Wednesday, December 10, 2014

The Prostitution of Running Medals

I have conquered a number of marathons and ultra marathons; as well as other endurance races such as duathlons and triathlons, up to the Ironman distance. But I have not attempted the Climbathon. Many people have found that a little strange, since the Climbathon is a famous annual event in Sabah. The simple reason is that I have no doubt that I can also conquer the Climbathon, but I'd rather do it later, perhaps when I'm no longer able to do very long races. For now, I would focus on conquering other races within the region.

I'm not in a hurry to attempt the Climbathon, because almost anybody can get the finisher medal, as long as he crosses the finish line. The event is organised in such a way that, although there is a cut off time, one can get the finisher medal even if the time taken is beyond the cut off time. One of these days, when I'm old and weak to run fast enough to meet the cut off time, I can always do the Climbathon and still end up with the finisher medal. That kind of medal is perhaps nice to have in my collection, but not of much value to me. It's just a piece of souvenir for keepsake. The Climbathon, when and if I were to do it, will NOT likely be a race for me. As I said, I'm not in a hurry to attempt the Climbathon.

Some other races also adopt the same policy, i.e. finisher medals are awarded even if the athletes completed the race beyond the cut off times. One example is our very own Borneo International Marathon (BIM). Medals will be given out even if the finisher takes a few hours beyond the cut off time. 

I suppose there is nothing wrong with that, because after all, a finish is a finish. There is nothing on the medal that actually specifies that the runner had finished within the cut off time. I do participate in the BIM, because on the one hand, I'd like to support the event; and on the other hand, I would probably be running my LSD anyway on a weekend along the same route, although admittedly I don't run 42km every weekend.

However, I find it interesting that in the case of the Standard Chartered Marathon Singapore (SCMS), the full marathon (42.2km) finisher medals were awarded even though the organiser was fully aware that the runners did not finish that distance. Far from finishing 42.2km, they ran just 25km and was awarded the 42.2km finisher medals and finisher T-shirts. Here is the organiser's announcement on the issue. I'm  not sure if this was because the organiser was trying to be popular among the slower runners, so that in the coming years they could attract an even bigger crowd.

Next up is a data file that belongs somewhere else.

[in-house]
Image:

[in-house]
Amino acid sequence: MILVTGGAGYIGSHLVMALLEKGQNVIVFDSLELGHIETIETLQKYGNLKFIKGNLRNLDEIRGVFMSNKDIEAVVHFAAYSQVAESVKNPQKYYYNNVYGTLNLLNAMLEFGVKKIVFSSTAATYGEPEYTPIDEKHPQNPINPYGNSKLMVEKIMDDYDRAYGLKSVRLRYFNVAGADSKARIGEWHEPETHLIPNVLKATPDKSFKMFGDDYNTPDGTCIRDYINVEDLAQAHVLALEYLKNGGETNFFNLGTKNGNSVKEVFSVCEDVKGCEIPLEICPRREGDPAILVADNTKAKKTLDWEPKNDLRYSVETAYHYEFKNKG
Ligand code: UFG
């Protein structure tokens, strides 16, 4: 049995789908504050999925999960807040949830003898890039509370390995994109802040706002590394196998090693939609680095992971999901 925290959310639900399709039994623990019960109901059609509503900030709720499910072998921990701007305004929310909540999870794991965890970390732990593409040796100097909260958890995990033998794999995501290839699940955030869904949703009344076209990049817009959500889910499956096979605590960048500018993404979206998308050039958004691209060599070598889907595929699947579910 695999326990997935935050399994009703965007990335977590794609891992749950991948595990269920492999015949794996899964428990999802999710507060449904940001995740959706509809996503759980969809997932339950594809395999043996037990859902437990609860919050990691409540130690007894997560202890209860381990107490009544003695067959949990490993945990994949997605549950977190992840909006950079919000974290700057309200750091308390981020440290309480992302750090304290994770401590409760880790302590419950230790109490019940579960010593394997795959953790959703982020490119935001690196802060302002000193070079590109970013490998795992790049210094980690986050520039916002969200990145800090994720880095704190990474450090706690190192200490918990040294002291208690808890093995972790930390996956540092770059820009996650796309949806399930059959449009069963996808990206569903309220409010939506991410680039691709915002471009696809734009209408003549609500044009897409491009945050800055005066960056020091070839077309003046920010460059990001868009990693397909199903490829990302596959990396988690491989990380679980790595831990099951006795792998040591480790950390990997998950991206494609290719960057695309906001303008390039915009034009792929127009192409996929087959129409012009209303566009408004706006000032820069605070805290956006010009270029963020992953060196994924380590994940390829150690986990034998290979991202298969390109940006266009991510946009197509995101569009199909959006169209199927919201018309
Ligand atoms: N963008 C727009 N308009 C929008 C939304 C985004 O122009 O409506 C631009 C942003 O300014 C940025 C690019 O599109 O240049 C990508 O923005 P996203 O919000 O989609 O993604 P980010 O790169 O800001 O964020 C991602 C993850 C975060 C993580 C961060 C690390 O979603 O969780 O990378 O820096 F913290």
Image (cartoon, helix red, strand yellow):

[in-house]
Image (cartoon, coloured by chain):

I see this as the prostitution of the marathon medals—if these medals were meant to be that cheap, then the event should be promoted as such. Don't bother to have rules and regulations, because obviously those mean nothing. I have said that fairness is a two-way street—while the organiser is trying to be popular among the slower runners, it should not downgrade the value of the marathon medal to that of a mediocre souvenir. 

A race is a race, and this one has given a lot of time to finish the race too. If one is unable to finish the race within that generous amount of time, then maybe that means he or she should train a little harder—and longer—for the 42.2km. It's  not like there are no shorter categories in the event. We admire and applaud them for trying, but I'm afraid 25km is still 25km; it is not 42km.

If the organiser feels compelled to please the slower runners, then it should prepare a good amount of 25km medals. It can then award those to the runners who just finished that distance. Be fair to those who did finish the 42.2km. They trained and raced hard to run that distance, only to see others running 25km getting the same recognition as them. Where is justice?

I have joined the SCMS twice before and found it too crowded. Because there are other choices for marathon races in the region, I haven't been back to the SCMS for some years now. This latest episode is one more reason for me not to go back for the event.


2 comments:

Fan Teck Tsen said...

that's the most stupid official announcement that i've ever read, why divert when you can actually just disqualified all of them who cannot meet the cut off time of that section?

Cornelius said...

Fan Teck Tsen,

I suppose it's entirely up to the organiser to disqualify those who failed to meet the interim cut off times. But in doing so, it will lose the crowd in the coming years. Or at least that's the concern.

If you were to read the organiser's announcement again, you will notice that they have decided that the non-finishers should get the finisher medals and T-shirts even before the race day. Apparently, they announced that in the official website before the race.

Now if I'm only able to run say 25km-30km, and perhaps have run several half marathons before, I would probably register for the half marathon in this race. But if I see the offer of the FULL marathon medal and finisher T-shirt for just 25km, that might induce me to sign up for the 42km race, even if I know that there are 21km and 10km categories. Nothing to lose. On a good day, I might just be able to run that 42km. But worst case scenario, I will still finish the 25km and get the full marathon medal anyway.

That's the trouble when the organiser's priority is to boost up the size of participation.